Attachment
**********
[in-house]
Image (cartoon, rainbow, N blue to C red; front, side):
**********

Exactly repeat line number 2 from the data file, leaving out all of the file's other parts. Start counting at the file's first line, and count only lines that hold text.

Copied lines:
Image (cartoon, rainbow, N blue to C red; front, side):